We finally arrived in Rio De Janeiro with its soaring mountains, powder white beaches not to mention an abundance of samba sounds and the odd cappirinha!
We arrived quite early at the hostel, but still managed to miss most of the Royal wedding being dragged out by BBC World & therefore only saw the edited highlights. Kate looked lovely & all that and I felt very patriotic and proud to be British, but I am really glad we missed the wedding fever in the UK & the media's second by second microscopic coverage it all looked too much!
Much refreshed & in order to appreciate the full range of what Rio has to offer I spent the first afternoon on Marcelo Armstrong's Favla tour. There is no way to sugar coat Rio, despite its party name tag, it has a reputation for crime & violent, but as I saw on the tour it is generally between the police & the drug lords running the larger favelas. The fact that Brazil has managed to pay off its IMF debt and has seen some double digit growth in the last eight years has also served to temper the crime rate as more and more economic migrants move away to the north of Brazil rather than into the overcrowded city. Even the favelas have prospered in this time with most hovels now being refurbished into reasonable albeit basic brick abodes, with metred electricity, schools and in Rocinha (the largest Favela with 250,000+ residents) there is a new hospital.
Day two saw us going on a city tour so we could appreciate the sights without taking the wrong street! Rio is surrounded on two sides by powder white beaches with turquoise waters and flanked by mountains covered in rainforest. We had a short walk in the Tijuca national park and then visited the chinese temple nearby which is supposed to have spectacular views of the city and Christ the Redeemer (voted one of the new worlds seven wonders in 2007). Alas the cloud base covered it all so we could only see a bit of Ipanema Beach. So I was a bit disappointed as we actually approached the Corcovado to see the iconic statue up close and personal, fully expecting to only see his feet. But as you can see the cloud mysterously disappeared right at the top so you had a perfectly clear view of him! Yippee.
Our Final part of the tour was around Lapa and the very picturesque Santa Teresa, which is set on a small hill overlooking the city. It is very olde worlde with cobbled streets and an old trolley car that rumbles up and down the hill. Our final stop was one of the most eccentric. A famous set of 215 steps whihc have been decorated over the last 20 years by a Chilean artist, who is a permaent fixture constantly tweaking the tiles and persuading you into his shop. He is quite a character and the tiles have been send from all over the world so its great fun trying to find ones form your own country!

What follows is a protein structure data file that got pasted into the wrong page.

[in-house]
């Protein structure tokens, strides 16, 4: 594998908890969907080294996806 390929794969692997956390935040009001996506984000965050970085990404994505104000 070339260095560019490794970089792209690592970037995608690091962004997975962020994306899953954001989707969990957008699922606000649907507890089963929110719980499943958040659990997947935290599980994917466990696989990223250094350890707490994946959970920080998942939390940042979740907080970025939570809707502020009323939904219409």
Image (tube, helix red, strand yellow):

I spent the next couple of days at the beach, and enjoying the hippie market, bought some Havainas, tried the local restaurants (including a a fantastic all you could eat Parilla!) and really got into passionfruit cappirinha's! There was also teh release of the new dreamworks movie Rio that was caputring everyones imagination (see right!) On our last full day I walked from our hostel about halfway down Ipanema to Ponta do Aroador that seperates Ipanema from the famous Copacabana beach, then walked the whole length of Copa (4.5km) down to Brazils iconic Sugar Loaf mountain and managed to get up the cable car just as dusk was falling. The view from the top was magical and will stay with me forever.
Rio is definately on my revisit list. Quite frankly 4 days is just not enough time to do this town justice and although I would actually visit Brazil at carnival time I think I would give Rio a swerve and see it in Salavador then come back to Rio to party! Girls you had better hope I win the lottery soon. Unfortunately our time here is done and tomorrow we take a flight to Iguassu - onwards and upwards!